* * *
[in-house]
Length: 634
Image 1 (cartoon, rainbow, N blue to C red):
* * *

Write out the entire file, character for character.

[in-house]
Length: 634
Image 1 (cartoon, rainbow, N blue to C red):